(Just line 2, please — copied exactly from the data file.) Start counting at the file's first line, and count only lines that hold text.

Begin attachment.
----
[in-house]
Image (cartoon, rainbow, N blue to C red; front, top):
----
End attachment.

Image (cartoon, rainbow, N blue to C red; front, top):